OSHA Defense

Material Handling Injuries in Construction Part 1 featured image

Material Handling Injuries in Construction Part 1

Construction is hard work that requires contractors and project managers to always consider the most effective way to complete projects while also being mindful of safety procedures. On a jobsite, there are often clear hazards right in front of your eyes, but there can also be hidden dangers you don’t recognize on the surface level. Either way, these things can impact the health and wellness of you and your workers.

In this two-part article, an OSHA lawyer will discuss one of the most underrated causes of injury in the construction workplace: when workers improperly lift and handle heavy materials. Remember, for any of your construction project legal needs, contact our experienced and knowledgeable OSHA lawyers.

Manual Material Handling Injuries

One of the most common causes of injury happens when workers handle materials. This is especially common in construction, manufacturing, and retail positions that require a lot of heavy lifting and transporting of items. When lifting, pushing, moving, or carrying materials,  the most common type of affliction workers experience is a soft tissue injury. Muscle, ligament, and tendon injuries can occur quickly and with little warning. These injuries can also develop into debilitating, long-term injuries like a herniated disc or strained back, which may take the worker an extensive period of time to recover from.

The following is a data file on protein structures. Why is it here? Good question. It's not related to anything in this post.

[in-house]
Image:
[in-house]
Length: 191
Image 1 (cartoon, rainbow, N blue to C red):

Handling Tasks Can Lead to Accidents

Whether it’s a strain, sprain, tear, cut, puncture, contusion, fracture, inflammation, or nerve pain, improperly lifting heavy materials can immediately impact the health of a construction worker. Further, material handling jobs that require lifting and transporting massive or bulky items can also lead to other serious problems on the worksite.

For example, OSHA’s “Fatal Four” leading causes of fatalities in the construction industry can be closely related to tasks that require the handling of large materials. This includes workers that fall off ladders when they are transporting items or are struck-by or caught in-between hazards when moving bulky objects.

In the second section of this series, our OSHA lawyers will explain how to avoid these types of accidents from transpiring at your jobsite.   

If you would like to speak with an OSHA lawyer, please contact us today.

Disclaimer: The information contained in this article is for general educational information only. This information does not constitute legal advice, is not intended to constitute legal advice, nor should it be relied upon as legal advice for your specific factual pattern or situation.